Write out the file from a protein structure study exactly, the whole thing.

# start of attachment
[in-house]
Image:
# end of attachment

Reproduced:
[in-house]
Image: